jueves, 17 de enero de 2008

Renaissance Architecture

15th and early 17th centuries in different regions of Europe, in which there was a conscious revival and development of certain elements of Classical Greek and Roman thought and material culture.
The Renaissance style places emphasis on symmetry, proportion, geometry and the regularity of parts as they are demonstrated in the architecture of Classical antiquity and in particular, the architecture of Ancient Rome, of which many examples remained.
Orderly arrangements of columns, pilasters and lintels, as well as the use of semicircular arches, hemispherical domes, niches and aedicules replaced the more complex proportional systems and irregular profiles of medieval buildings.

Architectonical elements
Plan: The plans of Renaissance buildings have a square, symmetrical appearance in which proportions are usually based on a module. Within a church the module is often the width of an aisle. Central plans are commonly used, combined with basilical models, and frequently buildings are a combination of both.
Façades: Façades are symmetrical around their vertical axis. Church facades are generally surmounted by a pediment and organized by a system of pilasters, arches and entablatures. The columns and windows show a progression towards the centre.
Domestic buildings are often surmounted by a cornice. There is a regular repetition of openings on each floor, and the centrally placed door is marked by a feature such as a balcony, or rusticated surround.
Columns and pilasters: The Roman orders of columns are used:- Tuscan, Doric, Ionic, Corinthian and Composite. The orders can either be structural, supporting an arcade or architrave, or purely decorative, set against a wall in the form of pilasters.
Arches: Arches are semi-circular or (in the Mannerist style) segmental. Arches are often used in arcades, supported on piers or columns with capitals.
There may be a section of entablature between the capital and the springing of the arch.
Vaults: Vaults do not have ribs. They are semi-circular or segmental and on a square plan, unlike the Gothic vault which is frequently rectangular. The barrel vault, is returned.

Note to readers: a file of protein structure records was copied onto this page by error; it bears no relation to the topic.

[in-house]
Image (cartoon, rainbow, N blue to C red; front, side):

Domes: The dome is used frequently, both as a very large structural feature that is visible from the exterior, and also as a means of roofing smaller spaces where they are only visible internally.
Ceilings: Roofs are fitted with flat or coffered ceilings. They are not left open as in Medieval architecture. They are frequently painted or decorated.
Doors: Door usually have square lintels. They may be set within an arch or surmounted by a triangular or segmental pediment. Openings that do not have doors are usually arched and frequently have a large or decorative keystone.
Windows: Windows may be paired and set within a semi-circular arch. They may have square lintels and triangular or segmental pediments, which are often used alternately. Windows are used to bring light into the building and in domestic architecture, to give views. Stained glass, although sometimes present, is not a feature.
Walls: External walls are generally of highly-finished ashlar masonry, laid in straight courses. The corners of buildings are often emphasised by rusticated “quoins”. Basements and ground floors were often rusticated. Internal walls are smoothly plastered and surfaced with white-chalk paint. For more formal spaces, internal surfaces are decorated with frescoes.

Building typology
As it is a more profane art religious buildings are not exclusive.
Churches: Continue being one of the most important buildings. They tend to be of central plan and they are full of classical elements.

Palaces and villas: They acquire special importance. Two types can be distinguished:

· Palaces are urban buildings. They tend to be three-storey and they are very closed, with walls treated in different ways depending on the floor. They are symmetric and have several windows. Internally they are organised around a courtyard and they have a loggia.

· Villas: They are in the countryside. They loose their defensive character to become just a place for living in contact with Nature. They consist of a central cube standing on a strong base and they are surrounded by gardens.

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